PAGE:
As well as the Mistle Thrush I've caught and ringed a Fieldfare - again, fairly regular in winter but last year was the first time I'd ringed any in the garden. This one was aged as and adult female based on the amount of black in the crown feathers. See here for more information on sexing Fieldfares.

Its not all thrushes though and I recently caught a Collared Dove.

Again, a common enough garden bird but very wary and not easy to catch & ring. 

I'm using a whoosh net for which I have an endorsement, rather than a mist net at the moment as the thrushes generally manage to get out and the collared doves invariably do. A lot of the Blackbirds have long wings and are quite heavy suggesting they may be continental birds and hopefully I'll get a ringing recovery or control to prove this.


1 Jan 2021

Goodbye & good riddance 2020

What a crap year for everyone. 2020 started off well for us with a trip to Australia to see the grandchildren but even in early January there were rumours of a new Covid virus in China. I think, along with the whole World, we thought it would get contained over there. How wrong we were. Our first major pandemic since Spanish flu just after the 1st World War hit Europe hard. With the first lock down 'of a couple of weeks' in March morphing into a major shut down of the whole UK and subsequent periods of relative freedom followed by more lockdowns normal life has taken a major backseat. The cycle of lockdown and then periods of relative sanity was always going to happen until either we got a vaccine or the whole country had herd immunity. 

I consider myself lucky that we've escaped relatively unscathed with our immediate family still working and healthy. The fact we live in a rural area has meant that we've been able to get our prescribed daily exercise walking the lanes round the village which, coincidentally, is also my local birding patch. 

Spending more time local birding had meant that I've added 6 new species to the patch list. Grasshopper Warbler, Red-legged Partridge, Whimbrel, Ring-necked Parakeet, Golden Plover and Stonechat.  The partridges were seen twice approximately a mile apart unless there are two pairs. The Stonechat and Golden Plover were long overdue given our proximity to the Dee Estuary. The Whimbrel, Golden Plover & R N Parakeet also made it onto the garden list! In addition Tree Sparrow was also a garden tick. They used to be fairly common in this area with a breeding colony around 0.5 km away in a straight line but I haven't seen one in the area since we moved in 4 years ago.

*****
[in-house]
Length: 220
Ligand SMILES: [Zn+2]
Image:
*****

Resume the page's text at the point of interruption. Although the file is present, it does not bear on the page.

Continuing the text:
An undoubted highlight of local birding was having a Barn Owl take up temporary residence in a tawny owl box in the garden whilst the long hot spring meant we could enjoy the garden and our garden nesting birds had a good head start - all except the Blackbirdds and Song Thrushes who's early nesting attempts failed as they couldn't find enough worms to successfully raise their young.

The lockdowns and travel restrictions put a major obstacle in the way of twitching nationally but during a break in various lockdowns we did manage to get to Shetland for a week in September and then a few days in October where I finally got to see Pallas's Grasshopper Warbler in the UK. (Photo copyright Jase Atkinson).

Another trip was managed to Stiffkey to see the UK's first record of Rufous Bushchat for 40 years and see one of those annoying splits, Stejgeners Stonechat.(Photo copyright Chris Griffin).

Covid restrictions meant the usual SCAN canon netting trips and trips to Puffin Island were cancelled and to cap it all a bird flu outbreak in Frodsham meant I had to stop ringing for a few weeks as we were within the 10 km surveillance zone - just as good numbers of winter thrushes descended on the garden to gobble up the berries I'd been nurturing all year! The Covid pandemic meant Hilbre was closed for a period of time so we missed the bulk of the spring migration until Wirral Borough Council relented and allowed a skeleton Obs team to operate under strict protocols.

To everyone out there - here's to a better 2021. Stay well and hopefully I'llsee a lot of you sometime soon.